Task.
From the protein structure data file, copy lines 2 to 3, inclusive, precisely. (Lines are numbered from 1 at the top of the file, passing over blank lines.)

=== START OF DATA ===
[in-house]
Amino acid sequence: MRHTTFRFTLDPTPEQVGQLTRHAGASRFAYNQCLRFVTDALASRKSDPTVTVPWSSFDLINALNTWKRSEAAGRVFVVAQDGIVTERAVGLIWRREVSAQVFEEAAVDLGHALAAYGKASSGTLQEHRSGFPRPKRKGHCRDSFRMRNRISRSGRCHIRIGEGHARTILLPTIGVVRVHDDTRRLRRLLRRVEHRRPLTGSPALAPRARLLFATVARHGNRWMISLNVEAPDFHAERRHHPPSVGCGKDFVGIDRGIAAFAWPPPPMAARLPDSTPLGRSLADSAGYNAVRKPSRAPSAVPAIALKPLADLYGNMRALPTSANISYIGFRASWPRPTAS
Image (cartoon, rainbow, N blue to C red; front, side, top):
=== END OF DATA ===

Amino acid sequence: MRHTTFRFTLDPTPEQVGQLTRHAGASRFAYNQCLRFVTDALASRKSDPTVTVPWSSFDLINALNTWKRSEAAGRVFVVAQDGIVTERAVGLIWRREVSAQVFEEAAVDLGHALAAYGKASSGTLQEHRSGFPRPKRKGHCRDSFRMRNRISRSGRCHIRIGEGHARTILLPTIGVVRVHDDTRRLRRLLRRVEHRRPLTGSPALAPRARLLFATVARHGNRWMISLNVEAPDFHAERRHHPPSVGCGKDFVGIDRGIAAFAWPPPPMAARLPDSTPLGRSLADSAGYNAVRKPSRAPSAVPAIALKPLADLYGNMRALPTSANISYIGFRASWPRPTAS
Image (cartoon, rainbow, N blue to C red; front, side, top):